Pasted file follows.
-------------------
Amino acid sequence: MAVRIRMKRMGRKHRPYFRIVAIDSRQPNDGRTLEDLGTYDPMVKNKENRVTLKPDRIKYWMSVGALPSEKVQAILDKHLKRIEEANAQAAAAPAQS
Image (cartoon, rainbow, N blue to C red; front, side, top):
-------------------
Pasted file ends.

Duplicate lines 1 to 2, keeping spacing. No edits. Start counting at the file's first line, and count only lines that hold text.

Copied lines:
Amino acid sequence: MAVRIRMKRMGRKHRPYFRIVAIDSRQPNDGRTLEDLGTYDPMVKNKENRVTLKPDRIKYWMSVGALPSEKVQAILDKHLKRIEEANAQAAAAPAQS
Image (cartoon, rainbow, N blue to C red; front, side, top):